In its bare bones (pardon the pun), ‘Aamis’ is ostensibly about the repercussions of repression, which, in this case, ensues from the couple’s love being taboo in conventional terms. She is married and he is a young bachelor. The film, says the director, is about having empathy for sinners, because to sin is human. It can also be seen as a study of two suppressed lovers who must find a novel way to express their forbidden feelings. The film starts with a simple enough plotline which gets increasingly smudged and dark as their relationship develops.

 

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Hazarika says, “A big part of the forbidden aspect of the romance is due to the female lead, played by a wonderful Lima Das, who in the film is married and resorts to a kind of emotional infidelity, which isn't explored much in Indian cinema”. Satyajit Ray touched on it discreetly in ‘Charulata’, when the wife finds herself inconsolable at the impending departure of the young man she is so deeply drawn to. In Ray’s finely tuned ending, the husband holds his hand out to his emotionally disturbed wife, asking her to believe in him and their relationship, despite her confused state of mind and a doomed love for another man.

‘Aamis’s’ somewhat trenchant plea for justice for human desire seems bizarre. But, it is in tune with life’s severe contradictions: history and life is littered with such doomed stories of passion and the tragedy they entail. The film is dark and visceral as it looks at the constraints of sexuality and how transgressing its norms can have a monumental impact all round. ‘Aamis’ works on the viewer as an increasingly discomfiting parable, with an innate wisdom that life’s stark and stringent code of behaviour is far too exacting for human desire, which if forbidden, gets replaced in an unnatural way. The same applies to suppression in other walks of life, where freedom is curtailed. This is both a personal and political statement. It can be seen as a strong comment, and even a warning, on the way a country moves forward.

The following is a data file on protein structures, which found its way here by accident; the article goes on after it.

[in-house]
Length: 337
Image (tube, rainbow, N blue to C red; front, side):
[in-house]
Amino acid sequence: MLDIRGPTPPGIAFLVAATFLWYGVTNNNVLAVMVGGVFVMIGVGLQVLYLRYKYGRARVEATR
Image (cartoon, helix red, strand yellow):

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Bhaskar Hazarika is among the foremost filmmakers today’s India. Born in Dergaon, Assam, he graduated in History from St. Stephen’s College, Delhi, and completed his Masters in Film & Drama from the University of Reading, England. He has worked extensively in Indian film and television, writing for both.

His debut feature ‘Kothanodi’ received the Asian Cinema Fund’s Post Production Award, the first Assamese film to be selected for the prestigious grant from Busan. It offered the film the opportunity to complete its post-production in Korea, and then hold its world premiere at the Busan International Film Festival, travelling widely thereafter. His second, ‘Aamis’, will follow a similar trail post its opening at Tribeca. His work is sought after at festivals at home and has a major following abroad as well.

With no Indian film at Cannes this year, we need filmmakers of Hazarika’s calibre, and all the support filmmakers like him can get to nurture their cinematic talent at home and abroad.